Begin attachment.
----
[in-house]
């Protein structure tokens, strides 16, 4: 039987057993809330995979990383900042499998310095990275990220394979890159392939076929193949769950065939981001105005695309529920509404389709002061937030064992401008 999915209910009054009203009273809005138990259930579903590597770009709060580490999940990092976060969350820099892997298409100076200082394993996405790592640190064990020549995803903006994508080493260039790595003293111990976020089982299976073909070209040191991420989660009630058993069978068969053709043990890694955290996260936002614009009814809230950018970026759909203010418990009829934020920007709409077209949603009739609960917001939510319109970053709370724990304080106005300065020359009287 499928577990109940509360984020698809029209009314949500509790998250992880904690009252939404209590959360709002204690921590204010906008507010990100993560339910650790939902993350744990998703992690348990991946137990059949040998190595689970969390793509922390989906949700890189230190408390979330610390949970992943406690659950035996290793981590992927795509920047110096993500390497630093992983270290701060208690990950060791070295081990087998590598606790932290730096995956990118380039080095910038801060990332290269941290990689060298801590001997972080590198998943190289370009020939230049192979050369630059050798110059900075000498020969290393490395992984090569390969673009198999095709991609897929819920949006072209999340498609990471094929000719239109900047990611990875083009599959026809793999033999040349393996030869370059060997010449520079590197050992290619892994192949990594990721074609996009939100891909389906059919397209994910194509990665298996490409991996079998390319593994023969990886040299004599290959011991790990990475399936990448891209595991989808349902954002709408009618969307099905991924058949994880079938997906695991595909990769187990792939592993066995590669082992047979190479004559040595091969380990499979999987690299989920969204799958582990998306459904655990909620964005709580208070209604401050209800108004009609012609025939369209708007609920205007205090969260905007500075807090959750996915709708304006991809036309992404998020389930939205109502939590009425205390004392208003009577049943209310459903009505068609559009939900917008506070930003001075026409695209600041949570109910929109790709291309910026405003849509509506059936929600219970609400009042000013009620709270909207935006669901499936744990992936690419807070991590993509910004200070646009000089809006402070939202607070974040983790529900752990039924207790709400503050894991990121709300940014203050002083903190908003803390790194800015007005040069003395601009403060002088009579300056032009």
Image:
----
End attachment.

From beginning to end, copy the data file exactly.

[in-house]
């Protein structure tokens, strides 16, 4: 039987057993809330995979990383900042499998310095990275990220394979890159392939076929193949769950065939981001105005695309529920509404389709002061937030064992401008 999915209910009054009203009273809005138990259930579903590597770009709060580490999940990092976060969350820099892997298409100076200082394993996405790592640190064990020549995803903006994508080493260039790595003293111990976020089982299976073909070209040191991420989660009630058993069978068969053709043990890694955290996260936002614009009814809230950018970026759909203010418990009829934020920007709409077209949603009739609960917001939510319109970053709370724990304080106005300065020359009287 499928577990109940509360984020698809029209009314949500509790998250992880904690009252939404209590959360709002204690921590204010906008507010990100993560339910650790939902993350744990998703992690348990991946137990059949040998190595689970969390793509922390989906949700890189230190408390979330610390949970992943406690659950035996290793981590992927795509920047110096993500390497630093992983270290701060208690990950060791070295081990087998590598606790932290730096995956990118380039080095910038801060990332290269941290990689060298801590001997972080590198998943190289370009020939230049192979050369630059050798110059900075000498020969290393490395992984090569390969673009198999095709991609897929819920949006072209999340498609990471094929000719239109900047990611990875083009599959026809793999033999040349393996030869370059060997010449520079590197050992290619892994192949990594990721074609996009939100891909389906059919397209994910194509990665298996490409991996079998390319593994023969990886040299004599290959011991790990990475399936990448891209595991989808349902954002709408009618969307099905991924058949994880079938997906695991595909990769187990792939592993066995590669082992047979190479004559040595091969380990499979999987690299989920969204799958582990998306459904655990909620964005709580208070209604401050209800108004009609012609025939369209708007609920205007205090969260905007500075807090959750996915709708304006991809036309992404998020389930939205109502939590009425205390004392208003009577049943209310459903009505068609559009939900917008506070930003001075026409695209600041949570109910929109790709291309910026405003849509509506059936929600219970609400009042000013009620709270909207935006669901499936744990992936690419807070991590993509910004200070646009000089809006402070939202607070974040983790529900752990039924207790709400503050894991990121709300940014203050002083903190908003803390790194800015007005040069003395601009403060002088009579300056032009």
Image: